My thoughts immediately went to the future, where I could put her in my response vehicle and give her a ride to her doctor’s office to be evaluated for issues related to the claustrophobia.  Instead she took up a space at the local ER and, if I am correct about how busy they were, was likely sent to the waiting room.  The small, cramped, crowded waiting room.

This person was never in danger of losing her life, but no amount of conversation would convince her of that.  This was an emergency, one where it wasn’t my ability to drop an ET tube or cardiovert on site that was needed, but my ability to assess, evaluate, establish a differential diagnosis, then act on it.  Only problem was, I couldn’t.  My system does not allow for what this patient, MY patient, needed, which was a few more minutes of calm conversation and distraction followed by evaluation for a specific condition.

Because of the failure to recognize this needed flexibility, patients all over the US are being strapped to cots with care givers unsafely restrained (if they’re lucky enough), watching them.  Not treating, just reassessing and watching.

Remind me again how 1 person in a hatchback can’t do what my patient needed?

Swalwell 405…where are you?

Print and share

Agree? Disagree? Have something to add? Why not leave a comment or subscribe to the RSS feed to have future articles delivered to your feed reader?

4 thoughts on “Swalwell 405…where are you?”

  1. Did she even need a trip to the doctor, or just some oral anti-anxiety medication?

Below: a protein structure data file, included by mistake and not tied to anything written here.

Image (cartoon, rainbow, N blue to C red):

Why doesn’t a claustrophobic patient carry some oral medication? There are plenty of valid reasons, such as she was going to the store because she ran out, the dog ate them, someone stole them, they spilled in the sink and went down the drain when she was getting a glass of water to take some, or she has never before needed anything. Imagine people dealing with their problems without medication.

    I have no problem with a requirement for medical command contact on all of these calls – it isn’t as if the call is going to delay patient care.

  2. I’d love to see this response model in the US. Several problems however…

    1. Reimbursment. The big, overbearing elephant in the room. There is money to be made giving this lady a ride to the ED in an ambulance. There is no money to be made giving her a ride to a physicians office or urgent care in a station wagon.

    2. Education. How many medics in the US take a complete history, but then fail to do anything with it? I see too many medics that can’t even name which side of the abdomen major organs are on.

    3. Work ethic and abuse. No, not by the public, by other medics. How many would try to send inapproprite patients in the car because they’re lazy?

    4. Legality. I’m not even sure you could do this in a lot of states with out the regulatory body passing masonry building materials.

    Could it work? Sure, with the right small group of medics, strong education, tight QA.. That still doesn’t pay for it though, which is a major problem for most EMS agencies.

Leave a Reply

Your email address will not be published. Required fields are marked *

You may use these HTML tags and attributes: <a href="" title=""> <abbr title=""> <acronym title=""> <b> <blockquote cite=""> <cite> <code> <del datetime=""> <em> <i> <q cite=""> <strike> <strong>